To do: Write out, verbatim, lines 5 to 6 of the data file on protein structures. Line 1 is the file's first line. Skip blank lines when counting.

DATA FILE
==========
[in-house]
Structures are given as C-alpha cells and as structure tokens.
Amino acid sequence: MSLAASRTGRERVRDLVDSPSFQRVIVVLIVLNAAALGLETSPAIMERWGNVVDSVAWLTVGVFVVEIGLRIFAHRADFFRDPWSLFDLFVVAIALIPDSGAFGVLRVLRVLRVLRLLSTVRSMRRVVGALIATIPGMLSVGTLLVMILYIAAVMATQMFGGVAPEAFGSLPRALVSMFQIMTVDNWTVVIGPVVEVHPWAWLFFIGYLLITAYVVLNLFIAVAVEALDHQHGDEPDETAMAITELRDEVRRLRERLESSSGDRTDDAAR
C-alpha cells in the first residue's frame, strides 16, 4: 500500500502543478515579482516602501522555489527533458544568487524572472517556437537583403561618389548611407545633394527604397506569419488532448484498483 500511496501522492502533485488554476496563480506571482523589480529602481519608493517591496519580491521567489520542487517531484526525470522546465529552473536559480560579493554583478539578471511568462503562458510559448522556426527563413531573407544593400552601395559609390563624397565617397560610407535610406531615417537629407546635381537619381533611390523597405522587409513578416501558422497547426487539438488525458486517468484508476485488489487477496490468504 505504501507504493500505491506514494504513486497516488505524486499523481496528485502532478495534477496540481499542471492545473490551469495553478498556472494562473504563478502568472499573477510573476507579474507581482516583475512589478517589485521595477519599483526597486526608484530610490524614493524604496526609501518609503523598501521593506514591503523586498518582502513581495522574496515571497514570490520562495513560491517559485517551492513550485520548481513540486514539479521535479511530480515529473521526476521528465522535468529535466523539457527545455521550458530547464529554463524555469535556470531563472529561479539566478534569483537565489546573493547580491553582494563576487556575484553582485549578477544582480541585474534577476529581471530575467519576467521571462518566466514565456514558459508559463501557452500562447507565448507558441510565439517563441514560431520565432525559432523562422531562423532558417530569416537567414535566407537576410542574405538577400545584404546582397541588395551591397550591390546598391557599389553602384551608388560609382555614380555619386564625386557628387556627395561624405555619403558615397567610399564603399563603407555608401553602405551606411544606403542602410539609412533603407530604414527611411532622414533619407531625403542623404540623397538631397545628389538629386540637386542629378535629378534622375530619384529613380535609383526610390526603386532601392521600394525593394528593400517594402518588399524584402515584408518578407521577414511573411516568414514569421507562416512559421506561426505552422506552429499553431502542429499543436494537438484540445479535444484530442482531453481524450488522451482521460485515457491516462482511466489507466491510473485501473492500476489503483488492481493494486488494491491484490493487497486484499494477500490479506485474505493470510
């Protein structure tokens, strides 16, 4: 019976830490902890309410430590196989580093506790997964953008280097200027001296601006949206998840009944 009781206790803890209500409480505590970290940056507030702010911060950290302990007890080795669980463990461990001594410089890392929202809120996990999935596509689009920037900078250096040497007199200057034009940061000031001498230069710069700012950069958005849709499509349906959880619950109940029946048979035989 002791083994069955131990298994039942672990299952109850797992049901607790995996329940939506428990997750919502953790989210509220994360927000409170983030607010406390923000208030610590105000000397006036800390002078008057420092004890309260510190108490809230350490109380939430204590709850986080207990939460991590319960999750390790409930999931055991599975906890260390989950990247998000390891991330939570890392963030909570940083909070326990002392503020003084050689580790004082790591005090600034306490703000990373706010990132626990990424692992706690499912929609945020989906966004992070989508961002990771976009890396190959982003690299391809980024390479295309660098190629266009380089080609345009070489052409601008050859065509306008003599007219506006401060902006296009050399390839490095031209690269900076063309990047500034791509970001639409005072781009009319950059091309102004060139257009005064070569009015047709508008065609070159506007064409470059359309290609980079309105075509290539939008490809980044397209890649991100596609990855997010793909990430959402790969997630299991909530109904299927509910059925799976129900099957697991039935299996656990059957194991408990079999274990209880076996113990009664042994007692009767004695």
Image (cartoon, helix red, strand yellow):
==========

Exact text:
């Protein structure tokens, strides 16, 4: 019976830490902890309410430590196989580093506790997964953008280097200027001296601006949206998840009944 009781206790803890209500409480505590970290940056507030702010911060950290302990007890080795669980463990461990001594410089890392929202809120996990999935596509689009920037900078250096040497007199200057034009940061000031001498230069710069700012950069958005849709499509349906959880619950109940029946048979035989 002791083994069955131990298994039942672990299952109850797992049901607790995996329940939506428990997750919502953790989210509220994360927000409170983030607010406390923000208030610590105000000397006036800390002078008057420092004890309260510190108490809230350490109380939430204590709850986080207990939460991590319960999750390790409930999931055991599975906890260390989950990247998000390891991330939570890392963030909570940083909070326990002392503020003084050689580790004082790591005090600034306490703000990373706010990132626990990424692992706690499912929609945020989906966004992070989508961002990771976009890396190959982003690299391809980024390479295309660098190629266009380089080609345009070489052409601008050859065509306008003599007219506006401060902006296009050399390839490095031209690269900076063309990047500034791509970001639409005072781009009319950059091309102004060139257009005064070569009015047709508008065609070159506007064409470059359309290609980079309105075509290539939008490809980044397209890649991100596609990855997010793909990430959402790969997630299991909530109904299927509910059925799976129900099957697991039935299996656990059957194991408990079999274990209880076996113990009664042994007692009767004695």
Image (cartoon, helix red, strand yellow):